Publication Date



BMC Cardiovascular Disorders


BACKGROUND: Older adults hospitalized for heart failure (HF) are at risk for falls after discharge. One modifiable contributor to falls is fall risk-increasing drugs (FRIDs). However, the prevalence of FRIDs among older adults hospitalized for HF is unknown. We describe patterns of FRIDs use and examine predictors of a high FRID burden.

METHODS: We used the national biracial REasons for Geographic and Racial Differences in Stroke (REGARDS) study, a prospective cohort recruited from 2003-2007. We included REGARDS participants aged ≥ 65 years discharged alive after a HF hospitalization from 2003-2017. We determined FRIDs -cardiovascular (CV) and non-cardiovascular (non-CV) medications - at admission and discharge from chart abstraction of HF hospitalizations. We examined the predictors of a high FRID burden at discharge via modified Poisson regression with robust standard errors.

RESULTS: Among 1147 participants (46.5% women, mean age 77.6 years) hospitalized at 676 hospitals, 94% were taking at least 1 FRID at admission and 99% were prescribed at least 1 FRID at discharge. The prevalence of CV FRIDs was 92% at admission and 98% at discharge, and the prevalence of non-CV FRIDs was 32% at admission and discharge. The most common CV FRID at admission (88%) and discharge (93%) were antihypertensives; the most common agents were beta blockers (61% at admission, 75% at discharge), angiotensin-converting enzyme inhibitors (36% vs. 42%), and calcium channel blockers (32% vs. 28%). Loop diuretics had the greatest change in prevalence (53% vs. 72%). More than half of the cohort (54%) had a high FRID burden (Agency for Healthcare Research and Quality (AHRQ) score ≥ 6), indicating high falls risk after discharge. In a multivariable Poisson regression analysis, the factors strongly associated with a high FRID burden at discharge included hypertension (PR: 1.41, 95% CI: 1.20, 1.65), mood disorder (PR: 1.24, 95% CI: 1.10, 1.38), and hyperpolypharmacy (PR: 1.88, 95% CI: 1.64, 2.14).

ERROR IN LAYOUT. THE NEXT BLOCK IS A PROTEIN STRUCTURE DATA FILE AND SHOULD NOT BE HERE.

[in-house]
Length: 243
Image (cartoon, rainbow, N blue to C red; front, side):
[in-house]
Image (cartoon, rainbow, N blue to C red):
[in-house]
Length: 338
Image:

CONCLUSIONS: FRID use was nearly universal among older adults hospitalized for HF; more than half had a high FRID burden at discharge. Further work is needed to guide the management of a common clinical conundrum whereby guideline indications for treating HF may contribute to an increased risk for falls.


Humans, Female, Aged, Male, Accidental Falls, Prospective Studies, Hospitalization, Patient Discharge, Heart Failure



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